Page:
The 15-minute City

The 15-minute City

By Jonny Ives

How far can you walk in fifteen minutes? How far from home could you be if you hopped on a bike and pedalled for a quarter of an hour? If you drew these two 15-minute circles on a map with your home at the centre how much of your day-to-day needs would be within reach?

This is the theory of the 15-minute city, a concept developed by Professor Carlos Moreno at the Sorbonne that has been embraced by, among others, the mayor of Paris. The idea is that our urban environments should be shaped to enable people to meet their daily needs, including home, work, education, shopping, entertainment and healthcare, within a 15-minute journey on foot or bike.

If you live within, or near, the Oxford ring road, the chances are that you already live in a 15-minute city, but it is a concept that has captured the imagination of many interested in developing liveable, more sustainable cities. During the coronavirus crisis it has also found a host of new advocates, so our traditional understanding of urban land use and demands for work-based travel is being rapidly rewritten. The bike is central to the 15-minute idea, particularly in order to cut down on the need for journeys by car. As Professor Moreno acknowledges, “We need to reduce the presence of cars on the streets.”

So what do you need to prepare for the 15-minute city? Try walking for 15 minutes and see how far you get. Chances are it will be further than you think. Try cycling for 15 minutes and you will get a lot further. Think about what you do that takes 15 minutes, like waiting for a bus or a train, or sitting in a car in traffic.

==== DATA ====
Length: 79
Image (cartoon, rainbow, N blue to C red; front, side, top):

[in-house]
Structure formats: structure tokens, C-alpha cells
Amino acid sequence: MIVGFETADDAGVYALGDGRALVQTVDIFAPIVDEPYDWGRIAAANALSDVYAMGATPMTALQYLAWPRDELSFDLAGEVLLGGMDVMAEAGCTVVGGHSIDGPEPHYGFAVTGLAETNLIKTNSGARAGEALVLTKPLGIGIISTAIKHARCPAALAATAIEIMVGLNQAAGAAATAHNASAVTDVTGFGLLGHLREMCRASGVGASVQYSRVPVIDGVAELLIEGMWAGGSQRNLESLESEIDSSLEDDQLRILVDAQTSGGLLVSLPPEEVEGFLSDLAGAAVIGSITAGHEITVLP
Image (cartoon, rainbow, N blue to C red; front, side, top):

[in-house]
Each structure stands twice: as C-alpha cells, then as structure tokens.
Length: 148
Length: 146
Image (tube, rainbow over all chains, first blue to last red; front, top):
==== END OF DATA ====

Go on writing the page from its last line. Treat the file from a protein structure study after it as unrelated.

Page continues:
The 15-minute city means that you will probably need a bike but what sort of bike?

The distinctive Dutch bike is growing in popularity around Oxfordshire and beyond but their weight (they are very heavy) and their approach to gearing (Holland is very flat) might make them less than perfect for anywhere with a hill. It is no accident that the hybrid bike has come to dominate the UK commuter market. They are practical, stable and versatile, with plenty of gear options to make light work of the most demanding terrains and plenty of carrying options should you need them.

The e-bike is now a well-established option that is transforming the bike market. Not only does it make the steepest of hills something of an afterthought, but it also makes the 15-minute city a reality for anyone who might not think of themselves as a cyclist, or extends the boundaries of the 15-minute city for those who do.

Just as significant as the e-bike is the development of the cargo bike, the two-wheeled equivalent of the estate car. Add an e-assist option to your cargo bike and you really do have a vehicle that can change your life and change your city.

With a commitment to the 15-minute city, all things are possible.

Jonny Ives is as member of the Cyclox committee. He has a big bike and lives up a hill.


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